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Valentino, F.; Daddi, E.; Silverman, J. D.; Puglisi, A.; Kashino, D.; Renzini, A.; Cimatti, A.; Pozzetti, L.; Rodighiero, G.; Pannella, M.; Gobat, R.; Zamorani, G. (2017): Predicting emission line fluxes and number counts of distant galaxies for cosmological surveys. In: Monthly Notices of the Royal Astronomical Society, Vol. 472, No. 4: pp. 4878-4899
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Abstract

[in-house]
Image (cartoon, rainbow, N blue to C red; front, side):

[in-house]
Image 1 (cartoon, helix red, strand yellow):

We estimate the number counts of line emitters at high redshift and their evolution with cosmic time based on a combination of photometry and spectroscopy. We predict the H alpha, H beta, [O (II)], and [O (III)] line fluxes for more than 35 000 galaxies down to stellar masses of similar to 10(9) M-circle dot in the COSMOS and GOODS-S fields, applying standard conversions and exploiting the spectroscopic coverage of the FMOS-COSMOS survey at z similar to 1.55 to calibrate the predictions. We calculate the number counts of H alpha, [O (II)], and [O III] emitters down to fluxes of 1 x 10(-17) erg cm(-2) s(-1) in the range 1.4 < z < 1.8 covered by the FMOS-COSMOS survey. We model the time evolution of the differential and cumulative H alpha counts, steeply declining at the brightest fluxes. We expect similar to 9300-9700 and similar to 2300-2900 galaxies deg(-2) for fluxes >= 1 x 10(-16) and >= 2 x 10(-16) erg cm(-2) s(-1) over the range of 0.9 < z < 1.8. We show that the observed evolution of the main sequence of galaxies with redshift is enough to reproduce the observed counts variation at 0.2 < z < 2.5. We characterize the physical properties of the H alpha emitters with fluxes >= 2 x 10(-16) erg cm(-2) s(-1) including their stellar masses, UV sizes, [N (II)]/H alpha ratios and H alpha equivalent widths. An aperture of R similar to R-e similar to 0.5 arcsec maximizes the signal-to-noise ratio for a detection, whilst causing a factor of similar to 2 x flux losses, influencing the recoverable number counts, if neglected. Our approach, based on deep and large photometric data sets, reduces the uncertainties on the number counts due to the selection and spectroscopic samplings whilst exploring low fluxes. We publicly release the line flux predictions for the explored photometric samples.